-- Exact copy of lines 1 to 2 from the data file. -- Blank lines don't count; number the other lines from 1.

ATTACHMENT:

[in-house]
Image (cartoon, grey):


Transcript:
[in-house]
Image (cartoon, grey):